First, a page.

Believe it or not, its not actually the hair itself that most people are allergic to, but proteins that are secreted by the skin (Fel d1 protein) and present in the cat’s saliva (Fel d4 protein). While there are no 100% hypoallergenic breeds, there are non-shedding cats that don’t shed nearly as much hair and dander as other breeds. These rarely cause allergic reactions, and can often be a great option for people who normally suffer around pets. We would advise spending some time with a cat of the specific breed you’re thinking of getting before you commit, to see if it will work for you and your family. Here is a list of our top 7 favourite hypoallergenic cat breeds.
#1 - Sphynx
A hairless Sphynx Cat with a hypoallergenic coat
The Sphynx cat is famed for being hairless which gives it a unique look but also some special care requirements. If you suffer from allergies a Sphynx cat could be the perfect cat for you. This is because the allergenic proteins in the cat’s saliva can’t get trapped in a Sphynx cats fur, because they don’t have any.
#2 - Cornish Rex
A Cornish Rex Cat with a beautiful tabby coat walking through the grass
Most cat’s fur is arranged in 3 layers; a top ‘guard’ hair, a middle ‘awn’ hair and a bottom ‘down’ hair. The Cornish Rex possesses only the bottom undercoat of down hair which means that they are not only very soft but they have a lot less hair than other cats. This means they shed a lot less hair and are therefore less likely to cause an allergic reaction.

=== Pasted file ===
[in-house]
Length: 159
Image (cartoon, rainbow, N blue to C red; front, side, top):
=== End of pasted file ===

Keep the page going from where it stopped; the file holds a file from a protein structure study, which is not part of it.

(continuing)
#3 - Devon Rex
A young Devon Rex Cat with a hypoallergenic coat
The Devon Rex shares the same coat type as the Cornish Rex possessing only the soft down hair that makes up most cat’s undercoats. However, the Devon Rex has even less hair than the Cornish Rex and also sheds very little. As with the Cornish Rex this means they are less likely to cause an allergic reaction.
#4 - Oriental
A black Oriental Shorthair Cat with a hypoallergenic coat
Oriental Shorthairs have a short, fine coat and shed very little. For best results you need to brush your Oriental regularly to help remove any loose hairs and so further reduce the amount of hair it drops.
#5 - Russian Blue
A Russian Blue Cat with a hypoallergenic coat cleaning itself
Russian Blues don’t have any special coat qualities that make them hypoallergenic but they do produce less Fel d1 - the protein that cats secrete from their skin which a lot of allergy sufferers are allergic to.
#6 - Balinese
A tabby Balinese Cat with a hypoallergenic coat
The hypoallergenic tendencies of the Balinese cats follow the same principal as the Russian Blue - their skin produces less Fel d1 which means that they are less likely to cause an allergic reaction.
#7 - Siberian
A Siberian Cat with a hypoallergenic coat balancing a leaf on its head
This one may surprise you… When you see a Siberian with its beautiful long coat it can be easy to think that this breed of cat will be a nightmare for allergy sufferers. However like the Russian Blue and Balinese - the Siberian’s skin produces less Fel d1 than most other breeds so is considered hypoallergenic.
Bonus - Bengal
Many breeders and owners make claims that the Bengal has hypoallergenic properties. Although there is no evidence that they produce less Fel d1 protein, the main argument for why they are supposedly less allergenic is that their short pelt-like coat sheds a lot less hair than the average cat coat and so is less likely to cause an allergic reaction.
There are many more hypoallergenic cats out there, so if this wasn't enough for you, use our cat directory to find your favourite.